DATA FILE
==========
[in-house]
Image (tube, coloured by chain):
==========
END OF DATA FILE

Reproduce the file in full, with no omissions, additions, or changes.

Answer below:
[in-house]
Image (tube, coloured by chain):